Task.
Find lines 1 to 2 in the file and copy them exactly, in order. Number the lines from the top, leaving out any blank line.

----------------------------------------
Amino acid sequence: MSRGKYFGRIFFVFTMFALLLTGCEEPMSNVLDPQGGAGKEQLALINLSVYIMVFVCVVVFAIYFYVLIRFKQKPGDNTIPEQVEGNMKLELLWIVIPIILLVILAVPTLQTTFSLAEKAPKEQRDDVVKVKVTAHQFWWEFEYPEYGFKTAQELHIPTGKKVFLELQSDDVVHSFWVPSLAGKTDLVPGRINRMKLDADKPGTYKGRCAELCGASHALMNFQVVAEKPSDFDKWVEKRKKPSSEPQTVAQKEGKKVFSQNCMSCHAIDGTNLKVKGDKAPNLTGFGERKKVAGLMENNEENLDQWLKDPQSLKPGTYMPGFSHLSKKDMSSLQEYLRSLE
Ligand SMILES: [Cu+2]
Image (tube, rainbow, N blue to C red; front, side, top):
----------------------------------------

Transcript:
Amino acid sequence: MSRGKYFGRIFFVFTMFALLLTGCEEPMSNVLDPQGGAGKEQLALINLSVYIMVFVCVVVFAIYFYVLIRFKQKPGDNTIPEQVEGNMKLELLWIVIPIILLVILAVPTLQTTFSLAEKAPKEQRDDVVKVKVTAHQFWWEFEYPEYGFKTAQELHIPTGKKVFLELQSDDVVHSFWVPSLAGKTDLVPGRINRMKLDADKPGTYKGRCAELCGASHALMNFQVVAEKPSDFDKWVEKRKKPSSEPQTVAQKEGKKVFSQNCMSCHAIDGTNLKVKGDKAPNLTGFGERKKVAGLMENNEENLDQWLKDPQSLKPGTYMPGFSHLSKKDMSSLQEYLRSLE
Ligand SMILES: [Cu+2]